"You're probably named after that ugly cat in the movie with the dog."
You scowl and your bottom lip sticks out but there's definitely laughter in her voice when she scolds your brother. "Hey, Milo & Otis is a good movie, Gabe, but that's not where we got his name."
It's not like you to speak up often. She knows this. She doesn't get it, you don't think, but she accepts it without passing judgment or trying to change you. She reads your face and answers the question right away instead of fooling herself into believing you'll actually ask on your own. Or maybe she acquired the mind-reading skill before you, child number five, came along.
"Your dad picked it," she explains, sliding a juice box across the table toward you. "Some dork named Milo sang in this shit band he loves. I’ll tell him to tell you about it.”
He doesn’t. It’s your own curiosity and desperation that leads you to the story he’s never told. You’re not even all that interested in music when you pull Milo Goes To College from its place between his other Descendents records. The basement walls are lined with shelves and his are all filled with vinyl, hers with books you like to borrow.
Flipping through the pages, you feel connected to her even if you’re still struggling to express yourself as easily as all your siblings. The pressure of conversation eases up when you talk about something you already know she loves. And maybe, you hope, it’ll be the start of something significant between you and your father if you actually make your way through these records. If you become that one kid in the family who gives a shit about music.
Because you’re twelve and you’re so tired. Tired of all the appointments with specialists he hopes will slap some label on you that’ll make how withdrawn you are make sense. Tired of how quickly he loses his patience when the anxiety he doesn’t understand cripples you completely. Tired of how embarrassed he seems when his colleagues or even relatives speak to you and you just can’t make any words come out.
You started skateboarding as a kid to try and make him see a little of himself in you. It didn’t work. This is Plan B.
The whole idea of rushing upstairs and initiating a conversation is too daunting. You settle for putting the record on his turntable yourself and it’s not like you’ve never heard anything like it before. He’s always playing something your mom refers to as “fucking noise” before reminding him how much he sold the fuck out a long time ago.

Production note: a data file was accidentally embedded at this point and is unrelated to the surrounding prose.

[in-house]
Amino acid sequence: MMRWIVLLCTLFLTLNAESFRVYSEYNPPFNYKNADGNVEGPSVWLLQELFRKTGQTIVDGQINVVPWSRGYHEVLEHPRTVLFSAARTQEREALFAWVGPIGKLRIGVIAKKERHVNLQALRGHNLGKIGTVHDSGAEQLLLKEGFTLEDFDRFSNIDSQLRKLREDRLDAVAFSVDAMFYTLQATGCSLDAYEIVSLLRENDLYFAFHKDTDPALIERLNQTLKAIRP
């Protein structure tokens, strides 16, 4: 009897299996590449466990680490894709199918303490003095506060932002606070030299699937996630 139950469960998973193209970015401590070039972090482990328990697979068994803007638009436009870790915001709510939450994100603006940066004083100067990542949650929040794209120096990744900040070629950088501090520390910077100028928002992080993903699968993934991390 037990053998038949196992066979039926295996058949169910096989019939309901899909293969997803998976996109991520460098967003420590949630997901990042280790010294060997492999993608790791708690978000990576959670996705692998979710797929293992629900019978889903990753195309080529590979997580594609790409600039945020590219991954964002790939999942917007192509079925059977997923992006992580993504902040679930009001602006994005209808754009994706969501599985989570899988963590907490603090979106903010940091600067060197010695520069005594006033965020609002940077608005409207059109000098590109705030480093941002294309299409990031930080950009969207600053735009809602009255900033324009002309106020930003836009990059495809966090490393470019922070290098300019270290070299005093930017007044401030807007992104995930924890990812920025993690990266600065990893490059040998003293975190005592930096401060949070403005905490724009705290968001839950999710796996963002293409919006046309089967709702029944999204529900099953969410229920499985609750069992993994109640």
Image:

But it’s different this time. You feel it in your bones. It rattles you and your fingertips somehow know how easy it would be to learn this shit.
Music fails to bring you and him together the way you wanted. He’s too preoccupied with their crumbling marriage to care how much time you spend sprawled out on the basement floor listening to his records. Nobody even picks up on the fact you do this while sharing cigarettes with your best friend.
He does buy you a guitar for your thirteenth birthday and fuck, that means he’s kinda responsible for nudging you toward the inevitable. Because the first time Mat picks that guitar up and strums a chord you feel it so much stronger than any music you’ve heard blare through those speakers in the basement.
It’s the first time you want to kiss Mat and the billionth time you wish you knew how to talk to your father. Maybe he’d get it, you know? Maybe he’d understand there’s something about watching someone play that fuckin’ w r e c k s you.
Maybe he’d tell you it’s okay to feel this way about a boy you’re determined to impress by learning how to play “100,000 Fireflies” when your fingers decide to cooperate.
“Did Mom tell you I’m in a band?”
There’s a hint of pride in his voice you’ve never heard in your nineteen years on this planet and you’re so relieved the twenty minutes of sitting silently through dinner helped you build up the courage to talk. Sure, you’re fucking annoyed he’s still such a presence in your life and hers, but that’s never changed how much you ache for him to understand something about you. Anything.
“Yeah, it’s wizard rock,” you start, voice soft, unsure, shaky, and you can already see his interest fading, so much you doubt he really hears what you’re saying. “But I want to write punk-”
“Like, songs about Harry Potter stuff…”
“Your mom loves that shit.”
She shoots you a sympathetic look that practically screams “Better luck next time!” and you leave the Blu-Ray of Filmage: The Store of DESCENDENTS/ALL in your backpack. Definitely not the night to ask if he’d like to watch it.
You’ve been away for a week with Mat to celebrate his 22nd birthday without any interruptions from the outside world. It’s still surreal to you how much has changed since those days you spent in the basement together but the pain of the past has this way of creeping up on you while you’ve been too focused on the future.
The BENDIS KIDS group chat you’ve been dodging lately starts to pick up again and you realize reading over the last few messages that they’ve been talking about how next weekend is a big deal for the family: it’s your graduation and Father’s Day.
Fuck. You were supposed to write him a letter to make up for skipping a session with your new therapist. Yeah, apparently it only took two hours with you for her to pick up on the fact you’ve got so much to say to him and no clue how to express those feelings. There’s no way you’ll get anything to paper by your next appointment, much less be ready for him to read it.
But you have to try.
Thanks for being the reason I don't have shit taste in music.